Crisis Communication Playbook Thrown Out in Papa John’s Saga

Papa Johns Crisis CommunicationsPapa John’s founder and former Chief Executive John Schnatter has gone from being the face of the billion-dollar pizza chain to a punchline in The Onion.

Schnatter resigned last week from the company amid reports that he used a racial slur during a media training session with his PR and marketing firm. But this is more than a one-day media cycle story. The feud continues to heat up between the pizza chain’s board, the PR and marketing firm and Schnatter. And crisis communication lessons abound.

Communications and PR strategist David B. Grinberg offered his take:

Schnatter’s failure to follow the crisis communications playbook added fuel to the fire. He should have faced the media via a live press conference. Admit wrongdoing. Apologize to the public. Show heartfelt remorse. Ask for forgiveness. Explain that using the N-word is always wrong, regardless of the context. Talk about life lessons learned regarding race. Express renewed commitment to combat racism. Then pivot to positive messaging.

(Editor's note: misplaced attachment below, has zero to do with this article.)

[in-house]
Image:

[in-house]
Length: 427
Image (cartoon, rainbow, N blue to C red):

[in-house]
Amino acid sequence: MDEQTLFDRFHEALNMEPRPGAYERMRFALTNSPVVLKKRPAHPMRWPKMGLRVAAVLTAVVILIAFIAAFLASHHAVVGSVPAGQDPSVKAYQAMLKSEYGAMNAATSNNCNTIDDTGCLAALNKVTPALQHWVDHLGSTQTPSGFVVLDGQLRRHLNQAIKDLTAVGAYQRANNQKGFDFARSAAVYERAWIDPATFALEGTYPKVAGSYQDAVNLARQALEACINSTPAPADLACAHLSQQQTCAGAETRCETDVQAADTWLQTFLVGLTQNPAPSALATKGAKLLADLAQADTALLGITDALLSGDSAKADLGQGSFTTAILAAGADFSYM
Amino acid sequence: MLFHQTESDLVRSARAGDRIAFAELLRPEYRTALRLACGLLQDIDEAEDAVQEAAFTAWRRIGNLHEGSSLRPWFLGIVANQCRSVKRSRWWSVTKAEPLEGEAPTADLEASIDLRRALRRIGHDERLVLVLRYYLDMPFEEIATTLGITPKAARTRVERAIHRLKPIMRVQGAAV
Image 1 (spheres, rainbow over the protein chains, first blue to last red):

Papa John’s PR and marketing firm Laundry Service, which is owned by talent management company Wasserman, has kept a low profile since Schnatter’s remarks. Adweek obtained a copy of an internal memo sent to Laundry Service’s employees, which instructed them not to talk to reporters about the incident.

“As you all know, there’s been a lot of coverage about Laundry Service and Wasserman related to the Papa John’s situation in the past several days,” the note begins. “The disparaging and outrageous comments about Wasserman and Laundry Service that have been covered are completely false and we have a centralized PR strategy to go on the record and refute them. Until that time we cannot expect the media to know the truth,” Laundry Service said in its memo.

Adding more to the saga, late this week Schnatter a lawsuit filed in Delaware Chancery Court seeking to inspect company documents “because of the unexplained and heavy-handed way in which the company has treated him since the publication of a story that falsely accused him of using a racial slur.”

Papa John’s denied Schnatter’s claims in a statement. The company said it was “saddened and disappointed” by the lawsuit, which it called “needless and wasteful.”

One thing is for sure, the more the players continue to air their dirty laundry in public, the longer it will take to move on and recover their reputations.

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